AsiaSat 7 is a Hong Kong communications satellite, which is operated by the Hong Kong based Asia Satellite Telecommunications Company (AsiaSat). It is positioned in geostationary orbit at a longitude of 105° East of the Greenwich Meridian, where it serves as a back-up for the AsiaSat 5 satellite and replaced AsiaSat 3S. It is used to provide fixed satellite services, including broadcasting, telephone and broadband very small aperture terminal (VSAT) communications, to Asia and the Pacific Ocean region.
|Mission duration||15 years (planned)|
10 years, 6 months and 1 day (in progress)
|Spacecraft type||SSL 1300|
|Launch mass||3,813 kg (8,406 lb)|
|Start of mission|
|Launch date||25 November 2011,|
|Rocket||Proton-M / Briz-M|
|Launch site||Baikonur, Site 200/39|
|Contractor||Khrunichev State Research and Production Space Center|
|Entered service||January 2012|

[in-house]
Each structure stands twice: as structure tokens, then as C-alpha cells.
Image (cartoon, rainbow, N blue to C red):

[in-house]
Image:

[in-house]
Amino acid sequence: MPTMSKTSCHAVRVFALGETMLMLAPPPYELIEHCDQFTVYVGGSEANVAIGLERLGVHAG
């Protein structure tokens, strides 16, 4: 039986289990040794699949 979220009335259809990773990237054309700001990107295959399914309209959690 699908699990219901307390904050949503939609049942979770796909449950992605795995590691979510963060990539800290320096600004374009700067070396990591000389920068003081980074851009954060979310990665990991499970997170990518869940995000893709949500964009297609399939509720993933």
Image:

|Reference system||Geocentric orbit|
|Coverage area||Asia, Pacific Ocean region|
Space Systems/Loral and AsiaSat announced in May 2009, that it has been chosen to provide a new communications satellite, named AsiaSat 5C. In early 2010, the satellite was renamed AsiaSat 7. At launch, AsiaSat 7 had a mass of 3,813 kg (8,406 lb), and was expected to operate for fifteen years. It carries 26 C-band and 14 Ku-band transponders.
AsiaSat 7 was built by Space Systems/Loral, and is based on the LS-1300 satellite bus. It is being launched by International Launch Services (ILS), using a Proton-M launch vehicle with a Briz-M upper stage. The launch was conducted from Site 200/39 at the Baikonur Cosmodrome in Kazakhstan, at 19:10:34 UTC on 25 November 2011. The Briz-M separated from the Proton-M nine minutes and forty-one seconds into the flight, and AsiaSat 7 separated from the Briz-M into a geosynchronous transfer orbit (GTO) nine hours and thirteen minutes after liftoff. It then raises itself into its final geostationary orbit.